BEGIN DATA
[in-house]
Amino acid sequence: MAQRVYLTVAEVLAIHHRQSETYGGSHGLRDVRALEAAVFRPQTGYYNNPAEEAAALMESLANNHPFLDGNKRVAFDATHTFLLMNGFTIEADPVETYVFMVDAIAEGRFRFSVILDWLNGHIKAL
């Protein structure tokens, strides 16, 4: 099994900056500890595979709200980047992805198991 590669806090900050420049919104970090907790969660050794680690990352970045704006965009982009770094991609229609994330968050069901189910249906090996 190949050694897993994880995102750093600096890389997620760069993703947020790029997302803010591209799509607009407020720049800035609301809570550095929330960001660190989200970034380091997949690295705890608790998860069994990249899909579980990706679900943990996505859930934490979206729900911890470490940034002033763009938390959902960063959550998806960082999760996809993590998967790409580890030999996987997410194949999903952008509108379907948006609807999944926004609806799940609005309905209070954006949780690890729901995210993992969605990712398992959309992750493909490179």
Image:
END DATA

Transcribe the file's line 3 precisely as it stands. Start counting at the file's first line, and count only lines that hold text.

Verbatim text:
């Protein structure tokens, strides 16, 4: 099994900056500890595979709200980047992805198991 590669806090900050420049919104970090907790969660050794680690990352970045704006965009982009770094991609229609994330968050069901189910249906090996 190949050694897993994880995102750093600096890389997620760069993703947020790029997302803010591209799509607009407020720049800035609301809570550095929330960001660190989200970034380091997949690295705890608790998860069994990249899909579980990706679900943990996505859930934490979206729900911890470490940034002033763009938390959902960063959550998806960082999760996809993590998967790409580890030999996987997410194949999903952008509108379907948006609807999944926004609806799940609005309905209070954006949780690890729901995210993992969605990712398992959309992750493909490179």